- The Washington Times - Monday, March 18, 2002

Betraying Osama
What do 19th-century terrorists Jesse James, Billy the Kid and the Dalton gang all share in common?
They were all shot dead by gunmen seeking government bounties.
Rather than offer "rewards" for information leading to the arrest of terrorist mastermind Osama bin Laden, Randall Lutter, a resident scholar at the American Enterprise Institute in Washington, is proposing that the United States issue a cheaper but far more effective "bounty" for his capture.
"Given bin Laden's gloating videotaped admission that he organized the September 11 attacks, we should treat him the same way we treated terrorists of the Old West: by putting a price on his head," says Mr. Lutter.
The history of the Old West, the scholar says, provides a "surprisingly strong case for bounty-hunting bin Laden. Indeed, lawmen who fought Jesse James and Billy the Kid would have been shocked by President Bush's suggestion that bin Laden is 'wanted dead or alive,' because the president missed the key point of the old 'Wanted' posters the reward."
Dead or alive rewards, says Mr. Lutter, "enticed even erstwhile friends of the most notorious Old West outlaws to betray them. Jesse James eluded lawmen during 15 years of robbery and murder.
"Yet after Missouri Governor Tom Crittenden put a $10,000 reward on his head in 1881, James' fellow robbers Robert and Charlie Ford brought James to their home and shot him in the back of his head. The Fords were charged with James' murder," he observes, "but Governor Crittenden pardoned them and they got the reward."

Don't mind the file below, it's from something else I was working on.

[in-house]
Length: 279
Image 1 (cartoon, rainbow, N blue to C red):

And why is a bounty on somebody's head more effective than a reward leading to their arrest?
Several reasons, the scholar says one being that a bounty might reduce the "martyr" image of a dead terrorist if the terrorist were betrayed by his closest followers.
Also, beginning with the FBI in 1999, the U.S. government has offered millions of dollars in rewards for bin Laden in the neighborhood of $25 million but as Mr. Lutter points out, by the time Uncle Sam "organizes, authorizes and executes an effort to apprehend or destroy him, information about his whereabouts may already be obsolete."

Land of opportunity
Latest Census Bureau figures reveal that 114,000 illegal immigrants from the Middle East are currently residing in the United States. The Justice Department, at the same time, is now seeking to interrogate more than 6,000 of these illegals who came from regions identified as al Qaeda strongholds.
Federal authorities have indicated that among this bunch of illegals are "sleeper cells" of terrorists who disgustingly enough while awaiting their next deadly assignment go about their daily lives like the rest of us, working in our neighborhood cafes, construction sites, gasoline stations, you name it.

Guaranteed rights
The U.S. office of special counsel and the Office of Personnel Management late last week launched the federal government's first Whistleblower Protection Act pilot program.
The program will ensure that federal employees know they can come forward with information about problems within their federal agencies without fear of retaliation a protection that is guaranteed under the Whistleblower Protection Act.
When finished implementing the program, the OPM will become the first government agency to be certified as in compliance with the prohibited personnel practices and whistleblower protection provisions of Title 5.

Still needs badges
Congress in recent days has been saluting the Girl Scouts of America as it celebrates its 90th year of existence, founded in 1912 by Juliette Gordon Low.
Interestingly enough, Miss Low launched the organization with 18 girls and a budget that was funded by selling her pearl necklace.
Another intriguing fact revealed about the Girl Scouts during the Capitol Hill tribute is that the impact of the organization extends far beyond one or two generations. Just ask the oldest active Girl Scout today, who is 97 years old.

Enough said
"And I am always reminded well, it is inappropriate to reflect on lawyer jokes, so I will restrain myself, with some reluctance."
Sen. Frank H. Murkowski, Alaska Republican, holding back during Senate floor debate last week.

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